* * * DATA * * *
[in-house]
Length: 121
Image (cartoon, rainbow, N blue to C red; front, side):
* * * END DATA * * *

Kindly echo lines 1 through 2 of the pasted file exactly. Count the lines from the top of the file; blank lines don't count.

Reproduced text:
[in-house]
Length: 121